CEO Blog: Living by the numbers
The last few weeks and months have seen a new interest and focus from the public on the numbers that are framing our everyday lives.
In addition to daily updates on death and infection rates; there are the 5 tests the Government is using to assess progress; it’s been 4 months since the advent of the coronavirus in the UK; we are now all familiar with the regular 3 presenters of the daily Government press conference; we have concluded 2 terms of ‘lock-down’; and the world awaits the results of the search for 1 vaccine.
Never have data and facts been more important as they guide and influence the behaviours of an entire population. However, clarity, consistency and accuracy of the facts is essential, if trust is to be built and confidence secured.
The power of sharing information, including the financial numbers, is something that employee owned businesses understand well; most share details of turnover, costs, sales and profit with their employee owners on a regular basis. When individuals are aware of the facts, and understand financial performance data, they respond appropriately, and in the case of businesses, this means employee behaviour aligned to strategic direction, with individuals able to exert their effort and focus appropriately and proportionately.
This transparency in employee owned businesses does not only happen during difficult times, it is part of everyday behaviour, with openness underpinning the values of shared influence and ownership. This was highlighted well last week during our weekly EOA Better Together webinar, where we focused on trust and transparency during a crisis.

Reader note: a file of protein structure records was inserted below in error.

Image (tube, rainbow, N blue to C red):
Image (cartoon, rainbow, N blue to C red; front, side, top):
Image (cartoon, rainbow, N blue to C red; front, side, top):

Each of the businesses involved confirmed that their response to the crisis has been underpinned by values of sharing information, influence and reward, something that has been fundamental in creating the trust required to steer their businesses more effectively through the crisis.
However, the need to innovate and find new ways of sharing information has been a challenge. So the use of WhatsApp groups to stay connected, online meetings to manage operations and regular ‘welfare’ calls to furloughed colleagues are now the new norm, in addition to more regular reviews of cash, sales and costs, a topic which we covered in a previous EOA webinar.
As the UK continues to face the challenge of coronavirus head on, and communities, businesses and their supply chains choose collaboration over competition, there is much for the wider UK business community to learn from the employee owned sector, where being guided by the numbers is a natural thing to do.